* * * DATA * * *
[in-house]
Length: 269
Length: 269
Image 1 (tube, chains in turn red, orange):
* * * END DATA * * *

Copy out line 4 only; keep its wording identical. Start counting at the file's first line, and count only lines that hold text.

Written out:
Image 1 (tube, chains in turn red, orange):